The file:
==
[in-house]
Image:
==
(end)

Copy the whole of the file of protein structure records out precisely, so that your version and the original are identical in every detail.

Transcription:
[in-house]
Image: